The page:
On the heels of the popular and critical success of her 2007 novel Strange as This Weather Has Been, centered on mountaintop removal and its effect on a single family, Ann Pancake returns to her native West Virginia to tell stories of other folks caught at the same difficult interface.

In “Rockhounds,” nine-year-old Joslyn must divide her sympathies between the old ways of her fossil-hunting grandfather and the scientific approach of his college educated son. It is her Uncle Derek who’s stolen the body of their family dog to take to Charleston to prove the water in their creek has been poisoned. With perfectly poised equanimity,Jos witnesses both her grandfather’s grief and her uncle’s rage at his parents for signing this leasing deal, done in part, simply to be neighborly.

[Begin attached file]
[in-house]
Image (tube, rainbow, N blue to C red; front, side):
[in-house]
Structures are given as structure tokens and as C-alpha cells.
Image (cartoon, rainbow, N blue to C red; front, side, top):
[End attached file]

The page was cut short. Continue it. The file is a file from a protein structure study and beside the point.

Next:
Ann Pancake’s ear for dialect of these mountain people is perfect, her respect that of one who writes from the heart of this world. These are folks caught in the complexities of rural economies where there are no quick fixes to questions surrounding right livelihood. With first-hand knowledge of this world and her exquisite depictitions of its natural history she may put you in mind of Daniel Woodrell.